So. Do you have anything going on next week? Say, about this same time on this same day, exactly one week from now? Monday, Dec. 16, it is. Nine days before Christmas. Fifteen days before the end of 2013. Got plans? Last-minute holiday shopping? Mulling the year’s best music? A trip to some warm-weather destination, fully equipped with a lack of snow and ice?
Well, busy or not, you ought to take note: Aereo is coming to Baltimore. Lorraine Mirabella, you’re up …
“The technology, which converts TV broadcast signals into computer data sent over the Internet, will be available to more than 2.7 million consumers in Baltimore city and Anne Arundel, Baltimore, Caroline, Carroll, Cecil, Harford, Howard, Kent, Queen Anne’s and Talbot counties,” she wrote Thursday. “In Baltimore, the basic subscription includes 17 over-the-air channels, such as ABC affiliate WMAR, NBC affiliate WBAL, CBS affiliate WJZ, PBS and others, plus 20 hours of DVR storage.”
And this, as someone who lives a little more than a stone’s throw away from those counties would say, is my sad face (side: Live in one of those areas and thinking about seeing what all the fuss is about? Email me at firstname.lastname@example.org).
Taking the wide view of the story was CNet’s Joan E. Solsman, who noted some fairly substantial chinks in Aereo’s armor …
“The company aimed to expand from its New York home base to 22 total cities in the US this year, but has been held back (because of) technical difficulties on top of accumulating legal wrangling,” she wrote. “With Baltimore, it will be in 10 cities, comprising NYC, Boston, Atlanta, Miami, Salt Lake City, Houston, Dallas, Detroit and Denver.”
Leading us to ask … Baltimore before D.C.? Really? Wow. Interesting.
With a little more than three weeks left in the year, is it now time to label the much-talked-about start-up a failure or a success? Maybe not, but hey: We’ll give it a shot anyway.
The short answer, possibly shaded by my rose-colored glasses when it comes to this stuff, is success. Try as they might, gigantic corporations and big-time networks can’t seem to win a court case against Easy A and that matters. Founded in February 2012, Aereo has run amok for nearly two years now without being even slightly shut down. If someone or something was going to actually stop its progression, conventional wisdom suggests that they or it would have had at least the tinniest bit of success by now.
But that hasn’t happened. Barry Diller, he of billionaire-who-founded-FOX-fame, is clearly willing to see this thing through. If both sides have to end up on the steps of the Supreme Court to defend their positions, both seem willing to do so. The problem, if you’re a major cable provider? It takes a loooooonnngggg time to get to those steps. The longer the whole thing takes, the more powerful — or at least embedded — Aereo becomes.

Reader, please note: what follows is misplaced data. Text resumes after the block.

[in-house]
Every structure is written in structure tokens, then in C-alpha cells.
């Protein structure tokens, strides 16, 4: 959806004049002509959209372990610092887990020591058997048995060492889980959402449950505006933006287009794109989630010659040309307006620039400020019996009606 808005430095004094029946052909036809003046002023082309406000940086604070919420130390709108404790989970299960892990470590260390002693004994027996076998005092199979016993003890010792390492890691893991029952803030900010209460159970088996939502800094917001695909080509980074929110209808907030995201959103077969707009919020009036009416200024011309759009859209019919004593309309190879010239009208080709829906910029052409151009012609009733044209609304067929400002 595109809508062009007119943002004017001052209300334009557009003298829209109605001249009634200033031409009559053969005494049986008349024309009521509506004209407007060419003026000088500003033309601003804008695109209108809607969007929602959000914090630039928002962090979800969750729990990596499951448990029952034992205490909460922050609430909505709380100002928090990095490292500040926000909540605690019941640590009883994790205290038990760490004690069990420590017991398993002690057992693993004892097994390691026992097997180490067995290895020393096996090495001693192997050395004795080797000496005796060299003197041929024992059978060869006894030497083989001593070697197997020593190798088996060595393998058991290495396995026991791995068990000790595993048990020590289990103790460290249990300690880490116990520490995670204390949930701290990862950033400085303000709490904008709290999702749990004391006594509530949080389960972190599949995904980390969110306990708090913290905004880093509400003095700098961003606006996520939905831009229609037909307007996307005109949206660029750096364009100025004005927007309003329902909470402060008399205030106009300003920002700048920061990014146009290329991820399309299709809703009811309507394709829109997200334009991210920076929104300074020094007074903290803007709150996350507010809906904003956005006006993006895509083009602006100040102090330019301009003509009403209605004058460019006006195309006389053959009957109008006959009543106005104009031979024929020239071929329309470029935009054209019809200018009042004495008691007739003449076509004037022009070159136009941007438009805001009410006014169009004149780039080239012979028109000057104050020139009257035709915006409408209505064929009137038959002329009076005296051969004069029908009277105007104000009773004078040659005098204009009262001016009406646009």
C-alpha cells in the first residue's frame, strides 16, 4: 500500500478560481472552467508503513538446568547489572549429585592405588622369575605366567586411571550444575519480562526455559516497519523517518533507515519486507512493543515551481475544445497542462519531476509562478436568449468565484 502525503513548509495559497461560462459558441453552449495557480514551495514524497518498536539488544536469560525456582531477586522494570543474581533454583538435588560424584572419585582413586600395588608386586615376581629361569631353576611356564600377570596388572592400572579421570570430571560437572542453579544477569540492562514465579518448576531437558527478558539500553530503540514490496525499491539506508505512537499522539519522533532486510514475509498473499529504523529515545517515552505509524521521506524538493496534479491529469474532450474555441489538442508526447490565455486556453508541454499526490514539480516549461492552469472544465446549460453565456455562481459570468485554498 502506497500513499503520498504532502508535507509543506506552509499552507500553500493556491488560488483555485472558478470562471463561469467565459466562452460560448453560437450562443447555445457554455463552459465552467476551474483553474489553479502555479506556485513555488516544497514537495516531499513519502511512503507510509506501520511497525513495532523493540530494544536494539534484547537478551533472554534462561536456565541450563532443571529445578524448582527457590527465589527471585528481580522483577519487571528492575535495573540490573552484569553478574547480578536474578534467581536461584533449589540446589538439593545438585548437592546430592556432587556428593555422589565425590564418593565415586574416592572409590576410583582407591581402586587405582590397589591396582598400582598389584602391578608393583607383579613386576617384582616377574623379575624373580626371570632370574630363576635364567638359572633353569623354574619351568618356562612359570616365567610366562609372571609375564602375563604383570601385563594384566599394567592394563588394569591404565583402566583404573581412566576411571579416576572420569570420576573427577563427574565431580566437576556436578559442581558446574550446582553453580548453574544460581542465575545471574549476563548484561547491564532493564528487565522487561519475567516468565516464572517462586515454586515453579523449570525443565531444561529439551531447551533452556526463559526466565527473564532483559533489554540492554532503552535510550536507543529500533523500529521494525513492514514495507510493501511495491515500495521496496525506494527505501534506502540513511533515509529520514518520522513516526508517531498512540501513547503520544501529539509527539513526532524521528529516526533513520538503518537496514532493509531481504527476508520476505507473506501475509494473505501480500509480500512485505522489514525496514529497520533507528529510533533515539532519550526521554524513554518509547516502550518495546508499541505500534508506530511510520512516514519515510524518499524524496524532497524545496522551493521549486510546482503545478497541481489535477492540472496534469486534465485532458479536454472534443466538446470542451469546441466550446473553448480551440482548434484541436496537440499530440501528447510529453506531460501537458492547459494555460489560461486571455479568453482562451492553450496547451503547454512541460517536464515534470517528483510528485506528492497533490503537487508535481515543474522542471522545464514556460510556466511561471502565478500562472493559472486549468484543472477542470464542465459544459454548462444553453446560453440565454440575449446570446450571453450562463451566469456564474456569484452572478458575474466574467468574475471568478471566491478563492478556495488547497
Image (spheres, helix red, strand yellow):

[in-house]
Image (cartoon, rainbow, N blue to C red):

The long answer, on the other hand, isn’t nearly as promising. As Solsman pointed out, this thing should already be up and running in Chicago, but it’s not because of reasons that aren’t entirely clear. Windy City or no Windy City, though, the company will more than likely end the year by reaching only about half its expansion goals for 2013 and you’ve got to wonder if there are more disastrous implications behind those failures. The one key element to building something from the ground up is perception — the fake-it-until-you-make-it moniker can work wonders (check out this blog!) when creating sustainability. The last thing you need if you’re getting sued left and right is a bundle of press releases explaining that you’re about to go bankrupt or something.
Either way, Aereo is still a phenomenon anybody with a slight interest in television or the Internet ought to pay attention to. “What Aereo is doing to bring broadcast signals to its customers is interesting. If it is found legal, we could conceivably use similar technology,” Mike Hogan, a spokesman for Time Warner Cable, told the Milwaukee Journal Sentinel‘s Rich Barrett last month (the service is supposed to launch in Wisconsin at the beginning of next year). Hogan’s right — part of what makes these court cases so imperative is the impact Aereo may have on how the big boys ultimately end up getting their product to consumers. Even if they hate what Diller is doing (and they do), they can’t deny the possible ramifications of its success, moving forward.
For now, though, we sit and wait to see how the roll-out goes in the Charm City. Anne Arundel, Baltimore, Caroline, Carroll, Cecil, Harford, Howard, Kent, Queen Anne’s and Talbot counties: Get ready for your close up.